1. Kirk Werner says:

      Porter, nice to see you here in the kitchen of the UA. I’ve not done a comparison of The ONE to the XP. As you know, I also fancy myself a fancier of the XP though not to the obsessive extent of some others ;). My thoughts on the Z vs XP are as follows: I love my Z in 4wt, but have never cast an XP less than 6 wt. I like my XP 6 weight more than my Z 6 weight. I really liked the ONE in 4wt and will have one some day. I think the tip sensitivity and firm backbone make the ONE more like the XP than perhaps the Z, although rods can vary so much through the weight designations…I do know that I would like to find an XP in a 7 weight 4 piece just to have for when my 6wt is too little and my 8wt too much. You really should cast a ONE. Then again, maybe you shouldn’t…Thanks for stopping by.

      1. Porter says:

        Dang…just bought an 896 One ….Let you know. Gotta unliad a couple to house it if it passes the mustard.

        1. Gísli says:

          So, how is the ONE 896 holding up? This is the type I’m thinking about for my Atlantic salmon single handed fishing as well as seatrout.

          1. Kirk Werner says:

            Sorry, I can’t speak to the 896 as I have never cast it. I would imagine that in an 8 weight single hander, the ONE would be great for throwing big bugs to big fish. It’s a bit stiff, in my opinion, in lighter weights.

          2. Gísli says:

            Thanks Kirk, nice review by you, but I was hoping the Porter guy had registered listening to responses to his comment where he said he just bought the 896

  11. Ron Pippin says:

    I have been eyeballing the ONE since they came out, I’ve thrown a Z-Axis 5 wt. for quite a few years and really love the balance and weight of the rod. If my son isn’t fishing with me I grab his Z and use it for my second set up. I had the opportunity to have a custom ONE built by Dan Delekta in Montana with custom burl wood and really nice thread work. Not that I could afford it but just have a hard time not buying nice rods, it tends to keep me in the dog house, my only excuse is that it is healthy and fishing is good for the heart and soul. I have found the ONE to be a little easier to control in the wind than the Z and still have the SAGE light feel…..I really like the Sage ONE.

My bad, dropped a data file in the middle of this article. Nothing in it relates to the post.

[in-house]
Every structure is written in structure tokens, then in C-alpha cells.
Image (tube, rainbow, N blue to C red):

1. Kirk Werner says:

      I’m in agreement- the ONE is a sweet rod. I love my Z-Axis 4 weight too much to retire it just yet. By the time I’m ready, Sage will have something even better than the ONE. I have no idea what they’ll call it though…

      1. Mike says:

        They’ll call it Sage X. But I bet that you’re not done with your Z-Axis just yet…

        1. Kirk Werner says:

          I’ve heard good things about the new X, but you are correct. I’ve been rotating my 4 weight Z-Axis with the 4 weight Sage Accel that I picked up a couple years ago. They’re very nearly interchangeable without noticing much of a difference—I like them both and see no need for a new rod any time soon.